Plants Toxic to Horses
I recently wrote an article, Simultaneous Ivermectin and Solanum plant Poisoning in Horses for The Horse, and it got me thinking about plants that are toxic to horses. I have to admit, it’s not something I’ve worried about too much, but it’s a real problem–and probably exacerbated by the drought conditions much of the country has experienced last couple of years. The drought has led to decreased hay supplies, forcing many horse owners to buy poorer-quality hay, perhaps. It’s also dried up pastures, and horses may be eating plants that they wouldn’t normally eat.
So what dangers could be lurking in your horse pasture? I’ve put together a list of some common plants toxic to horses:
This plant has fern-like leaves with clusters of small, white flowers. Often grows along roadsides, but can grow in other areas. The leaves, stems, and seeds contain neurotoxins that will adversely affect the horse’s central and peripheral nervous systems. Horses will likely avoid this plant. If a small dose is consumed, the animal may recover. A large dose (4-5 lbs) is lethal.
We’ve all likely seen this one. Course-stemmed grass that can grow up to six feet in height. Often grows along roadsides or uncultivated pasture-areas. The leaves and stems contain a cyanide compound. Young johnsongrass is more toxic than the mature plant. Horses can usually tolerate eating a bit of mature johnsongrass (I know mine have grabbed a bite while riding through fields of it), but stress caused but frost, drought, etc, can ‘free’ the cyanide within the stems and leaves, leaving them highly toxic, not just to horses, but to other grazing animals as well.
3. Red Maple Tree
This is a medium-sized tree that will have green leaves in the spring and summer, with the leaves turning red in the fall. Healthy leaves on the tree don’t seem to be harmful, but wilted red leaves (that have fallen) are toxic to horses. Eating a pound or two of these leaves can kill a horse.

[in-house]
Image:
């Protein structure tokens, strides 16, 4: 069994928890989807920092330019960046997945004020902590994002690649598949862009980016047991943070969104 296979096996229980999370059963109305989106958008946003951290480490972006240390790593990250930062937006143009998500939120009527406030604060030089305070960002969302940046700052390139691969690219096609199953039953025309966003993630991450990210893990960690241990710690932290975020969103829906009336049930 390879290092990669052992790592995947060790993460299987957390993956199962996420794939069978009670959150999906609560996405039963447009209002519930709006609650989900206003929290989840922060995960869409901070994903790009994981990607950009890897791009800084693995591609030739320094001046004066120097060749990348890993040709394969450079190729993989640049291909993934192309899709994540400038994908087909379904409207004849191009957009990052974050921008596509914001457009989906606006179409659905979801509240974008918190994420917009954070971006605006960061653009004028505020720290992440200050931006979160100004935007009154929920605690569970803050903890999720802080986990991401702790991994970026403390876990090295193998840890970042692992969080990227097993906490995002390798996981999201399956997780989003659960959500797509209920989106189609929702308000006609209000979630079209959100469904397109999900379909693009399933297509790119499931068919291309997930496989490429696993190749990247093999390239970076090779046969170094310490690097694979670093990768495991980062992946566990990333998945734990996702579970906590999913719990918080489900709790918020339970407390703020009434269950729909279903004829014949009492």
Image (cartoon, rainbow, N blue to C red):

4. Common Milkweed
This is a perennial plant that grows between 2 and 4 feet tall. It’s often found on roadsides, in wooded areas, or in pastures and has eliptical-shaped leaves and fragrant pink to reddish-purplish flowers. Horses are unlikely to eat common milkweek, but they might if they have no other food source. Toxic, but rarely fatal.
Flowering plant that grows 6 inches up to 2 feet tall. Yellow flowers with 5 petals. Common in meadows, pastures, and roadsides. Fresh flowers and leaves are toxic to horses, but the dried plant (in hay) is not toxic.
6. Oak Tree
Young leaves and acorns (especially when green) from the oak tree are the toxic. The tannic acid in the acorns can harm the horse’s intestinal lining. Can cause death if enough is consumed.
7. Field Horsetail
All parts of the field horsetail plant are poisonous to horses, whether they are fresh or dried (in hay). This light-green plant can be found in sandy-soiled, poorly-drained, or wooded areas, and along roadsides. It appears in early spring, with slender, jointed stems with a pinecone-like head. It does not produce flowers.
8. Bracken Fern
This entire fern is toxic to horses as well. It can be found in fields, wooded areas, and often grows in dry, rocky soil. Can grow 2-3 feet high and has triangular-shaped leaves. Contains the toxin, thiaminase and can cause neurological impairment in horses if consumed. It would take an extremely large amount of bracken fern kill a horse, but horses like the taste of this plant and will readily consume it.
These are just a few of the plants and trees that are poisonous to horses, but they are common in many areas of the country and might be in your pasture or paddock. Keep an eye out for them. If you suspect your horse has consumed a toxic plant, contact your vet immediately.